As growing cities must reach out farther and farther to tap new water sources, pipelines become longer and longer. The huge pipeline that brings Colorado River water all the way to Los Angeles is a good example.
Pipelines provide the cheapest and most efficient method of overland transportation. Because they are laid mostly underground, there is little wear and tear on the pipes. They are protected not only from the elements but also from vandalism. The power sources, pumps, and compressors are stationary, and best of all, piping is free of the unprofitable.
Although transporting gas and petroleum is our chief interest here, note should be made of job opportunities in those cities and towns that must obtain water from outside sources and distribute it. Inquire at your local water department about possible employment opportunities.
"Return trip" required of railroad cars, trucks, and ships. Pipelines do not require handling, containers, terminals, or the need to keep extra vehicles or boats on hand to cover a breakdown or other emergency.
NATURAL GAS PIPELINES
The early discovery and history of natural gas is as mysterious as the three-thousand-year-old account of the Greek oracle at Delphi, where the steady burning fire caused by natural gas escaping from rock lent credibility to the messages received from the gods. Subsequently in many parts of the world, gas was similarly set afire as it seeped from cracks in rock, and the flames' significance was interpreted one way or another according to local beliefs.
In Colonial America many knew of such fires, and rumor even had it that at one time George Washington owned land that had "a burning spring." Since wood and water power were the principal energy sources, no one saw any utility in this phenomenon until 1820, when William Hart drilled down twenty-seven feet next to a rock crack venting gas. He hoped to increase the amount of vapor by widening the hole. His idea was so successful that he managed to pipe the gas to adjacent homes and stores. Thus Fredonia, New York, a small town near Buffalo, became the first village lit by gas, and its fame became so great that on his second American tour, the Marquis de Lafayette visited the hamlet to see this wonder.
In 1870 gas first flowed from Fredonia through a twelve and one-half inch wooden pipeline to Rochester. Actually the inside diameter was only eight and one-half inches, which encouraged pipeline designers to devise a two-inch-diameter iron pipe that was laid from a wellhead in Titusville, Pennsylvania, to transport gas to buyers some 5.5 miles out of town.
During the following two decades, small companies started to ship gas to numerous industries in New York, Ohio, Pennsylvania, and West Virginia using eight-inch wrought-iron pipe capable of withstanding eighty pounds per-square-inch pressure. Soon a long-distance delivery system began operating in 1891 as two parallel lines sent gas 120 miles from northern Indiana to Chicago. Elsewhere in Arkansas, Kansas, Louisiana, Missouri, and Texas, numerous short distribution companies appeared, and by 1920 new markets were opened thanks to the seamless, electrically welded pipes of greater length and strength. Thus gas could be sent faster and in larger quantities over greater distances than ever before. Today one of the longest is the pipeline that extends 4,000 miles from western Siberia to several European countries.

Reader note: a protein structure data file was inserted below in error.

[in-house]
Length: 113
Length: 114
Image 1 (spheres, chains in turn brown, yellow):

The owner of a gas pipeline is a marketing concern, buying gas from producers at the wellheads and selling it to the industry and local utilities, which in turn distribute it to schools, hospitals, businesses, and residential users. During the 1970s gas pipeline operators worried about providing adequate quantities for their customers and being able to meet demands for gas, especially after the Arab countries shut off the oil supply.
The 1980s brought different problems. The pipeline companies had adequate supplies of gas to draw on, but there was fierce competition with oil and coal suppliers. Furthermore, in 1986 Congress deregulated federal rules that had formerly guaranteed companies a certain rate of return. Finally, some of the gas companies had numerous long-term contracts requiring them to sell gas at a loss because costs of transporting it had risen since the agreements were signed. This was not true of the entire industry, however, and some companies were making a profit.
The 1986 deregulation started a revolution in the natural-gas pipeline industry. At first large steel plants, which were major gas customers, were able to make their own price agreements with suppliers. In 1993 pipeline companies had to make their lines available to competing gas suppliers through leasing arrangements. Thus, instead of having to buy their gas from the local utility company that had installed the pipes leading to homes and businesses, customers could purchase it from other gas marketers, who might offer lower rates, and use the existing gas lines that were originally laid by the local utility.
Groups of residential customers will be able to choose any gas marketer they want, which will force the utility now serving them to reduce its rates to meet the new competition. The industry is joining the electric power and telephone companies, which have also been forced to lease their electric lines and phone cables to competitors. Instead of enjoying a monopoly as they have since they started in business, local utilities will face competition, and this will result in significant savings for the public as well as business and industry.